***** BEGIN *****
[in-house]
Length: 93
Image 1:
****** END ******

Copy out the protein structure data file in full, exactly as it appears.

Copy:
[in-house]
Length: 93
Image 1: